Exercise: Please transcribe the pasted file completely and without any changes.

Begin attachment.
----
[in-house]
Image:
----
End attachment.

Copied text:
[in-house]
Image: